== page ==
Automation of the initial setup of your Loadbalancer.org appliance (VMware Edition)

Automation of the initial setup of your Loadbalancer.org appliance (VMware Edition)

Automation Updated on 5 mins

If you are one of those lucky people who have more than one pair of Loadbalancer.org appliances, you might be thinking about buying a Site License, automating the initial setup process. Although our appliances are absolutely awesome and fun to use, going through the same process many times may become slightly tedious! And, personally, I'd rather do something more exciting with my time (and also I'm very lazy ; ) ). Hence I've looked for some tools to help me automate it.

VMware has developed a number of tools that can be used to interact with their product; this includes Python, as well as Go bindings to the vSphere API. In this case I will be using govc which is a CLI tool based based on the latter of the two. There's a whole lot of things that can be done in your vSphere environment using this tool, but the focus of this blog will be on sending keystrokes to the guest operating system, as it can be extremely useful in our case.

The initial setup of your Loadbalancer.org appliance normally must be done using the device's console interface, and it cannot be done remotely via SSH.

Firstly we need to install govc which can be done in many ways. It can be downloaded as a pre built binary:

curl -L -o - "https://github.com/vmware/govmomi/releases/latest/download/govc_$(uname -s)_$(uname -m).tar.gz" | tar -C /usr/local/bin -xvzf - govc

Or built from source if golang is already installed on your workstation.

go get -u github.com/vmware/govmomi/govc

It's worth mentioning that the above method will work on a Windows Operating System as well. Or you can find the latest pre-compiled binaries here.

Below is an example of the script in Bash that will take care of the initial configuration of your Loadbalancer.org appliance. Please bear in mind it doesn't include deploying the Virtual Machine, and you need to make sure that it is Powered On and prompting for the credentials. Hint: It can be done using govc as well. Please refer to the project documentation for more detail.

#!/bin/sh

# Environment variables specified below are neccessary for govc
# to work. Should you want o use govc outside this script they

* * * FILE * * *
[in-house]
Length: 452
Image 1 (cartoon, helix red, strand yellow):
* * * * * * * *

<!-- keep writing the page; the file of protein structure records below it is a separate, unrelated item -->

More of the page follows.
# must be sourced in your shell config.

# vSphere Host URL
export GOVC_URL=''

# Your vSphere redentials
export GOVC_USERNAME=''
export GOVC_PASSWORD=''

# Disable certificate validation
# Set to true if using self-signed certificate
export GOVC_INSECURE=true

#
# Variables below are used for the purpose of this script only.
#

# Name of your Loadbalancer.org VM
vm=''

# IP to be used by the node
ip=''

# The netmask in CIDR notation
cidr=''

# Default gateway
gateway=''

# Primary and Secondary DNS
dns1=''
dns2=''

# Your new WebUI password
password=''

# Logging into the configuration wizard
govc vm.keystrokes -vm "${vm}" -s "setup"
govc vm.keystrokes -vm "${vm}" -c KEY_ENTER
sleep 1
govc vm.keystrokes -vm "${vm}" -s "setup"
govc vm.keystrokes -vm "${vm}" -c KEY_ENTER
sleep 1

# This will reset IP Configuration
# Do you wish to continue? Yes
govc vm.keystrokes -vm "${vm}" -c KEY_ENTER
sleep 1

# Availabe interfaces OK
govc vm.keystrokes -vm "${vm}" -c KEY_ENTER
sleep 1
# Do you need to create a bonded interface? No
govc vm.keystrokes -vm "${vm}" -c KEY_ENTER
sleep 1

# Would you like to configure a VLAN? No
govc vm.keystrokes -vm "${vm}" -c KEY_ENTER
sleep 1

# Select interface
# eth0
# Select
govc vm.keystrokes -vm "${vm}" -c KEY_TAB
sleep 1
govc vm.keystrokes -vm "${vm}" -c KEY_ENTER
sleep 1

# Static IP Address
govc vm.keystrokes -vm "${vm}" -s "${ip}"
govc vm.keystrokes -vm "${vm}" -c KEY_ENTER
sleep 1
# CIDR prefix

govc vm.keystrokes -vm "${vm}" -s "${cidr}"
govc vm.keystrokes -vm "${vm}" -c KEY_ENTER
sleep 1
govc vm.keystrokes -vm "${vm}" -c KEY_ENTER
sleep 1

# Default Gateway IP Adress
govc vm.keystrokes -vm "${vm}" -s "${gateway}"
govc vm.keystrokes -vm "${vm}" -c KEY_ENTER
sleep 1
govc vm.keystrokes -vm "${vm}" -c KEY_ENTER
sleep 1

# Primary DNS Server
govc vm.keystrokes -vm "${vm}" -s "${dns1}"
govc vm.keystrokes -vm "${vm}" -c KEY_TAB
sleep 1

# Secondary DNS Server
govc vm.keystrokes -vm "${vm}" -s "${dns2}"
govc vm.keystrokes -vm "${vm}" -c KEY_TAB
sleep 1
govc vm.keystrokes -vm "${vm}" -c KEY_ENTER
sleep 1

# Summary
# Configure
govc vm.keystrokes -vm "${vm}" -c KEY_ENTER
sleep 1

# Set Password
# OK
govc vm.keystrokes -vm "${vm}" -c KEY_ENTER
sleep 1